Certainly the AA Co investment at Livingstone is currently looking questionable. However to build a hot boning plant in the north to handle chopper cows and spent bulls is not the worst idea. There are many feral animals such as camels that could be processed if design permitted. Animals exported to Indonesia could be transported to the coast for slaughter.
Of more concern is the announced decision by the Australian Government to spend $150 million over 5 years instructing offshore abattoirs in the humane slaughter processes*. This is at an enormous cost with little guaranteed upside even for live export. Asian wet markets are a way of life for those without housing refrigeration.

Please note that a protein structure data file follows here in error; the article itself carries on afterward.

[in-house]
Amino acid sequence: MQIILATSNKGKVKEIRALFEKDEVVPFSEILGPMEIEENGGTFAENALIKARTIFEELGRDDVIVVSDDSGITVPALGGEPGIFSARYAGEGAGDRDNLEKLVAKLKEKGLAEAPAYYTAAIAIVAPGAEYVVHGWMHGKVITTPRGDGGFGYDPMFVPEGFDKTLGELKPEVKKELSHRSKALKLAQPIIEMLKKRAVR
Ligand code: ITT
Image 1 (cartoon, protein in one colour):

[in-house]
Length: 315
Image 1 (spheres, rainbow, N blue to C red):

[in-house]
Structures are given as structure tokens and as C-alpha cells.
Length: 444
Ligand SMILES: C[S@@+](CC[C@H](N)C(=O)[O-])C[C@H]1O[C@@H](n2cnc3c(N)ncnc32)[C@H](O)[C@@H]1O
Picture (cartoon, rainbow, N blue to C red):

Live cattle export is unlikely to cease in the near term but be sure there is a strong beef processing industry ready to up their kills to accommodate any cattle unable to find a berth on the next ship leaving Darwin.
* Some clarification needed here, John. It has been widely misinterpreted/misunderstood that the entire $144m government aid package to Vietnam announced earlier was for meat processing training. That is not correct. The actual figure for the meat processing component, supplied through DFAT, is $900,000 over two years. The confusion arose because the government’s original press statement was ambiguous, to say the least – simply describing the processing project as being ‘part of’ the broader $144m Vietnam aid project. This website contacted the minister’s office seeking clarification, but it took days for a response to arrive. By then, it was too late – industry stakeholders had drawn their own conclusions. Lessons learned, we hope.
On another matter, here’s a few more to add to the ‘gone’ list: Innisfail, Mareeba, Morex Maryborough, Bothwicks Bowen, Qld Meat Exporters (Townwville’s second processor). Editor